Chanel undersea set awes; McQueen returns to S&M

By Jenny Barchfield

Associated Press

Published: Tuesday, Oct. 4 2011 12:00 a.m. MDT

Everything was covered with pearls: They stood in for buttons and replaced chain belts, punctuated the models' slick, wet looking hairdos and were stuck onto their ears and backs — in neat rows down their prominent vertebrae.

Ahead of the show, which attracted A-list guests including Uma Thurman, Lagerfeld himself emerged, like Neptune, to survey his underwater kingdom. He hammed it up for the scrum of photographers that immediately materialized around him, pretending to strum a fish-adorned harp as the flashes popped furiously.

Like tourists at the Eiffel Tower, guests posed for snapshots on the set: Two Chinese couples dressed in head-to-toe black — the women in floor-length Chanel evening gowns, the men in tuxes with bow ties for the 10:30 a.m. show — contrasted smartly with the backdrop of gleaming white coral.

A border terrier named Frickey in an Yves Saint Laurent leopard print collar ran in excited loops around the set, sniffing at the mammoth fiberglass seashells. Thankfully, he was well-trained and didn't dare mark his territory.


The ivory silk wedding dress that Kate Middleton chose for her date with history was, of course, Alexander McQueen, but it was hard to imagine the demure now-Duchess of Cambridge sporting the S&M-infused black teddy, the head-enveloping lace-and-leather face masks or any of the other extreme looks that came down the label's runway Tuesday.

The house was built on just such harsh beauty, but following the Feb. 2010 suicide of its namesake and founder, it appeared as if his successor would steer the label in a softer, more consensual direction. For her debut as creative director one year ago, Burton delivered a collection that loosened the screws on McQueen's punishingly nipped waists and smoothed out some of his harshest angles.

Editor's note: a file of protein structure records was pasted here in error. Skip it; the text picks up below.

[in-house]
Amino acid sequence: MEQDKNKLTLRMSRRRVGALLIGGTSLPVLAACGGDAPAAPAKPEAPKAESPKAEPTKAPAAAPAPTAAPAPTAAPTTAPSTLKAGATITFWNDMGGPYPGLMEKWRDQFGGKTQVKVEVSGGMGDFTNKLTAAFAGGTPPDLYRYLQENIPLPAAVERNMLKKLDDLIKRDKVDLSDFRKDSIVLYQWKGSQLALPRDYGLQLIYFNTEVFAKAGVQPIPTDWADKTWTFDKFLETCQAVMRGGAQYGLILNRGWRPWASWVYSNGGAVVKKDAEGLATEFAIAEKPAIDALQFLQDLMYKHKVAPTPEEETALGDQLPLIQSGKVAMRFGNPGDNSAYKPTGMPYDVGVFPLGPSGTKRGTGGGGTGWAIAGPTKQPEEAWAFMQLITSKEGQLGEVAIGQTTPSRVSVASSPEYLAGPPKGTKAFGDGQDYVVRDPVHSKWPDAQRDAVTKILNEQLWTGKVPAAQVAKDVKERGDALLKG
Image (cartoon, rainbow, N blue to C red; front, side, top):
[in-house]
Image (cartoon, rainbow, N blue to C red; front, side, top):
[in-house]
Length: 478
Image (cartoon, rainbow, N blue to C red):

And then there was the dress, the wedding down that saw Middleton transformed from commoner into royalty — the single most coveted commission in recent fashion history. Kept under the strictest of wraps up until Middleton alighted at Westminster Abbey on April 29 — before some 2 billion spectators worldwide — the simple-lined, long sleeve concoction became an instant legend and unleashed a bridal wave of copycats.

But the Duchess of Cambridge has notoriously low-key style, and trying to imagine her in anything from the spring-summer collection was absurd. After all, what would she do with her luscious locks — not to mention her face — in one of those lacy pantyhose head masks that topped off all the looks? (Covered in pearls or sporting a metal beard made out of what appeared to be straight pins, they were the world's chicest and most twisted Mexican lucha libre masks).

With Tuesday's collection, Burton's third as creative director, she tightened the screws again. Suits with flippy skirts and shrunken jackets were cinched at the waist with oversized belts with kinky lace-up detailing. Evening gowns entirely covered in pearls or mother-or pearl scales were ravishing, but looked about as conformable as straitjackets.

The show elicited among the most positive reactions of any of the Paris collections, and Burton looked almost embarrassed by all the hubbub as she ducked onstage for a bow.


Valentino's concoctions of lace and tulle had all the delicate transparency of exotic jellyfish, their luminous membranes pulsating gently in deep-sea depths.

For spring-summer, the design duo that has remade the Italian label in its feather-light image following the retirement of founder Valentino Garavani continued to refine their now-signature airy looks, sending out a collection of see-through dresses in lace, tulle and organza.

Maria Grazia Chiuri and Pier Paolo Piccioli delivered chemisier dresses embellished with dramatic flame-shaped panels of lace, A-line bustier dresses like frothy millefeuilles of chiffon and organza and the simplest of ankle-length gowns, with a slight seventies vibe.

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